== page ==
Senator Christopher J. Connors, Assemblyman Brian E. Rumpf and Assemblywoman DiAnne C. Gove said they have a simple, obvious and direct response to members of the State Economic & Fiscal Policy Workgroup, which held a roundtable on October 23 in Toms River: reform the state’s rigged school funding formula.
District 9 lawmakers said they have a simple response to members of the Economic & Fiscal Policy Workgroup: reform NJ’s rigged school funding formula. (Wikimedia)
“The state workgroup organized by Senate President Steve Sweeney promoted its roundtable as a discussion on pressing state fiscal issues including ‘county and municipal government reform’ and avoiding ‘crisis conditions.’
“While the agenda items sound good on paper, if the Workgroup is truly interested in providing achievable tax relief to residents in our area, the answer is staring them right in the face: reform New Jersey’s rigged school funding formula.
“By design, the state school funding formula treats suburban and rural school districts disparately, compared to the politically-favored urban ‘special needs’ districts, which receive a windfall of State aid. Fairness for non-urban school districts does not factor into the calculation.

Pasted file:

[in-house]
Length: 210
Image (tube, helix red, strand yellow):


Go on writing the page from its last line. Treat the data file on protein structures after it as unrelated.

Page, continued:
“Taxpayers in our area have been systematically exploited as donors to other parts of the state, subsidizing students in another school district, while their own school district is underfunded and increasingly reliant on local property taxes.
“As a consequence, school districts working to provide the best education for our children are pitted against discontented taxpayers trying to keep their head above water financially, creating hostile environments in our communities that benefit no one.
“A number of school districts in our Legislative District that saw their State funding cut this year were also hit hard by Superstorm Sandy. These districts are still working to rebuild their tax base, and on top of that, the reality is that their schools have been chronically-underfunded for years.
“Evidently, the plight of these residents, students and educational professionals somehow don’t measure up to the needs of urban areas, which have received the lion share of school funding for decades.
“For taxpayers in this area struggling to cope with the increasing cost of government, it’s certainly not the fault of their county or municipal government. Their problem is Trenton. Counties and municipalities have state-imposed caps on their tax levies to restrict spending, whereas the state is free to increase spending as it sees fit – and does.
“Trenton officials don’t have to travel far to find the source of what makes this state unaffordable for too many residents in our area of the state.”